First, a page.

As Sir Norman Foster contemplates fresh international honours and the imminent opening of the Reichstag, it is easy to become blase about the buildings and ideas which have been generated from his office over three decades. This is not to disparage the work of a large handful of other outstanding uk firms, but it is to acknowledge the undoubted contribution of the Foster programme to a story played out against a background of imploding old-style Modernism, Princely interventions, boom and bust, Post-Modernism, new technology, ecology and, not least, the beginning of a new globalisation in architecture.
Talking to Sir Norman this week provided a reminder that what might appear to be new concerns for the office, in particular in respect of energy and climate considerations, in fact have far-reaching antecedents - for example work (mostly unbuilt) for Fred Olsen back in the 1970s. The concern with energy-conservation can also be traced to the Willis Faber building in Ipswich, as can its response to history and place. There has been a constant input of creative energy as the practice explored the possibilities of vertically, as well as horizontally, deep buildings, how they can be lit, and how the building envelope can be developed in different ways. (An interesting footnote to this history is the way in which so many of the buildings work below ground - Hong Kong, Duxford, East Anglia, Nimes.)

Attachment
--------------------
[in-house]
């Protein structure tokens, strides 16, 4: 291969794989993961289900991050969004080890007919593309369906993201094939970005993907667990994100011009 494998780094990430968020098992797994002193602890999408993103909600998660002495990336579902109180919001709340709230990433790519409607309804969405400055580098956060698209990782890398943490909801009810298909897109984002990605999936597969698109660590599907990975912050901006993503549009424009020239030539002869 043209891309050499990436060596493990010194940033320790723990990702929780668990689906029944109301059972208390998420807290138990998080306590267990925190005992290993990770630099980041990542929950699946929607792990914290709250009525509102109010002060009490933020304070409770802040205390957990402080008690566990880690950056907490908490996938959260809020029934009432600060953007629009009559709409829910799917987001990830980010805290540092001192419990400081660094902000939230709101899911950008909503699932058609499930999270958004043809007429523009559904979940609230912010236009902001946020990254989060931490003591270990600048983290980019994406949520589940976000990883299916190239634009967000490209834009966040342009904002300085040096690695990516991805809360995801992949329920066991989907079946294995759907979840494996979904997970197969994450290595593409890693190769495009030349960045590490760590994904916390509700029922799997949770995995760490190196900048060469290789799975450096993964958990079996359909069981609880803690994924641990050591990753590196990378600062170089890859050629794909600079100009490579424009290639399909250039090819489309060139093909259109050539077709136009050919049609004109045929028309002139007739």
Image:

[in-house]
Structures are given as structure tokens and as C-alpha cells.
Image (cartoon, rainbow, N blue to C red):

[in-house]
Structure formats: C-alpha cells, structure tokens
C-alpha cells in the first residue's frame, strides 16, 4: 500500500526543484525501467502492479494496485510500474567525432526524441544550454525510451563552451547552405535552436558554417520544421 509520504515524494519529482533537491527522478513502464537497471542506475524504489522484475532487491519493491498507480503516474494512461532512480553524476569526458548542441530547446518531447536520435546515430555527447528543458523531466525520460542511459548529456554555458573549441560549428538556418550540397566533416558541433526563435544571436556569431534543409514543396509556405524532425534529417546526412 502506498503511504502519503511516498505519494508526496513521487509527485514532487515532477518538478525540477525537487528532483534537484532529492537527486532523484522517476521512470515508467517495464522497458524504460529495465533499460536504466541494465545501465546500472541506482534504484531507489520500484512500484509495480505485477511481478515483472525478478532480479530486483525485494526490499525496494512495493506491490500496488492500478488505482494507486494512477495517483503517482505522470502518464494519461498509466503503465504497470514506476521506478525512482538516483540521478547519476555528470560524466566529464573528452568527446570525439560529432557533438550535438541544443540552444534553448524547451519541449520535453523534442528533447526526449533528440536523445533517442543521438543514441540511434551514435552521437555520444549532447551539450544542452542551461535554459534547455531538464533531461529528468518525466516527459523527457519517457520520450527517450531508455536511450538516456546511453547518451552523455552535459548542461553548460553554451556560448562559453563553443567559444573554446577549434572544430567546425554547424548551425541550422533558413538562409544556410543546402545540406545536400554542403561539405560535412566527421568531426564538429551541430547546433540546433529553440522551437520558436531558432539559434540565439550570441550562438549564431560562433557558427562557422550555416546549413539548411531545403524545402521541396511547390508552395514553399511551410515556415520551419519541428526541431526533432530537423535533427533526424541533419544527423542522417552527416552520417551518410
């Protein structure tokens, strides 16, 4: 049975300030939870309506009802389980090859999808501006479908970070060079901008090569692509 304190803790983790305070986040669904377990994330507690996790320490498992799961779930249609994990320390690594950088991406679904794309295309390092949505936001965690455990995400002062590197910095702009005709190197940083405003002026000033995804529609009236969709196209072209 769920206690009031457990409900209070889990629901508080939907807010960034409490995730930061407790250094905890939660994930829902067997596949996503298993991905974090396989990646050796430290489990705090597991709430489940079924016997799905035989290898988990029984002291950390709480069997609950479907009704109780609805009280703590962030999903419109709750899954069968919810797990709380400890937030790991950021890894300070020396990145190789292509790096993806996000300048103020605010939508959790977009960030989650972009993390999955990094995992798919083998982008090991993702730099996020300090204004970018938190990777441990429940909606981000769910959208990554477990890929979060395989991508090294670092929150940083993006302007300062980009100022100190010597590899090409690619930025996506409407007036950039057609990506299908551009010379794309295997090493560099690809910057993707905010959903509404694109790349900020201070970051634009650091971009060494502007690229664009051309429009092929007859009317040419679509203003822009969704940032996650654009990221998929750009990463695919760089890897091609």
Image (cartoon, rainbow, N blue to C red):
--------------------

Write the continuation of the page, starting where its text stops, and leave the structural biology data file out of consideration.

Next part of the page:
One problem for Foster's and other major practices as they develop is the extent to which they are expected to redefine the architectural problem in every building they undertake. This is no more reasonable an expectation than it is for an athlete to break a world record every time he or she performs;
having set new standards, there is inevitably work which will simply meet them and do no more. But the act of redefinition (of the speculative office, of the airport) is a massive contribution to all architects and architecture; happily, there is evidence that the Foster office has plenty of innovation still to come.